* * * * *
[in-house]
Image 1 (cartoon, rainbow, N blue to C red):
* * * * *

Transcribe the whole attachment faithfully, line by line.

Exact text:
[in-house]
Image 1 (cartoon, rainbow, N blue to C red):